This was the first and last official roadmap they announced.

Film Gimp at Rhythm & Hues

 Click for full rez  Click for full rez

 Film Gimp at work on Little Nicky

Film Gimp and a VISA commerial

After Silicon Grail dropped out, Rhythm & Hues continued alone. Rhythm & Hues continued to enhance Film Gimp and use it in its "talking animal" motion picture production pipeline.

"We use Film Gimp on all talking animal jobs", says Rhythm & Hues programmer Caroline Dahllöf. At Rhythm & Hues Film Gimp has been used in Harry Potter, Cats & Dogs, Dr. Dolittle 2, Little Nicky, Grinch,

Sixth Day, Stuart Little, and Planet of the Apes. Rhythm & Hues is also used for commercials, such as the familiar Coca-Cola "cola bear" commercial. "Our big thing is talking animals", says Dahllöf. "We'll create those in 3D because we like the look much better than 2D morphing. We'll make a 3D model and track it to the plate, matching the movement of the live animal with CG animal head. Then the lighting department projects the frame on to 3D model. The 2D department fixes missing background parts as the animal talks". Stretching has to be fixed with textures. The mouth interior is all CG. Some projects, such as the Coke commercial, are all CG. That's a different technique than making live action animals talk. As is typical with production studios, Rhythm & Hues uses not just one tool but a pipeline of tools for 3D animation and live action special effects.

Film Gimp replaced an internally developed Rhythm & Hues paint tool called Inc. "We like to use Film Gimp to dust-bust", says Dahllöf. "There might be dust or a piece of hair on the plate either from scanning or from the negative. Normally one will clone/merge from the previous frame or from the same frame to remove the dust". Film Gimp is also used for rig and wire removal, for example on Grinch. Lighters may use Film Gimp to edit fur control files. "These control files are used by our internal fur program, Fur. Lighters also use gimp to paint textures and make paint fixes to frames", says Dahllöf.

"GIMP didn't support any sequence work, and is important for 2D artist", says Dahllöf. "A lot of their work is cloning from one frame to the next in a sequence. So, we added a frame manager". Rhythm & Hues uses its own proprietary RLL file format. "A major feature of Film Gimp is 16-bit per channel color and it is compatible with our file format. We do not get any color loss when using Film Gimp, that we can get with other 16-bit paint packages". Film Gimp tasks include dusting and touching up frames, texture painting, painting mattes, painting maps, and rig and wire removal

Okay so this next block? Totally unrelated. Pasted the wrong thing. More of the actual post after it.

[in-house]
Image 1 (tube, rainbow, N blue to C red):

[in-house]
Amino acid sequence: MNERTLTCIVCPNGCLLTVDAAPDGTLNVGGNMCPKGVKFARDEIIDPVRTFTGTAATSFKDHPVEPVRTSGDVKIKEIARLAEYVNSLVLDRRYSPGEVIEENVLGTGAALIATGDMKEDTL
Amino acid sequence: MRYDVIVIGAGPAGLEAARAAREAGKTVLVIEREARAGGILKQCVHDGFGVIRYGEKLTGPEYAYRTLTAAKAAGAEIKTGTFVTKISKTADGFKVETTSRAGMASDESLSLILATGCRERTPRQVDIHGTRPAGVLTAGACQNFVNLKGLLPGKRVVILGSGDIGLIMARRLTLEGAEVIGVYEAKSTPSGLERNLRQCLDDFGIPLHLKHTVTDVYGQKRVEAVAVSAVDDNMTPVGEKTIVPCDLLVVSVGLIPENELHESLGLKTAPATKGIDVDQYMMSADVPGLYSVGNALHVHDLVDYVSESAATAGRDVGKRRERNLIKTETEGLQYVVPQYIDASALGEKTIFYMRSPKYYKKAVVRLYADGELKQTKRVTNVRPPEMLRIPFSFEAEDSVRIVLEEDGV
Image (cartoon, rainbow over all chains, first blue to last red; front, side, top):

Scooby-Doo, the computer-generated dog in the Warner Brothers film of the same name, is the latest picture to use Film Gimp. Starring Sarah Michelle Gellar from the popular TV show, Buffy the Vampire Slayer, live footage for Scooby-Doo was shot in Australia with the Scooby-Doo character added later electronically. Scooby-Doo was released in theaters June 14th, 2002. Animators at Los Angeles post-production studio Rhythm & Hues used Maya, Houdini, Film Gimp, and proprietary Linux-based tools. "We utilized about a hundred Linux desktops creating Scooby-Doo", says Technology VP Mark Brown. Scooby-Doo was in production at the time I visited the Rhythm & Hues studio for my article in the March issue of Linux Journal, "Film Gimp at Rhythm & Hues".


 Film Gimp was used in the movie Scooby-Doo, Warner Brothers Pictures

Both a developer and user of Film Gimp, Rhythm & Hues keeps a few Windows and Mac OS X machines mainly for compatibility with Adobe Photoshop. Some Linux Journal readers asked why Photoshop is being used rather than just Gimp. Dahllöf explains, "Photoshop handles more layers with big images better". Matte painting artists at Rhythm & Hues create large backgrounds with perhaps forty layers, and use a lot of specialized plug-ins. Working on single large images is very different from the typical Film Gimp tasks of retouching film frames to remove dust or wire rigs. "To get rid of Photoshop completely would require investing a lot of developer resources", says Dahllöf.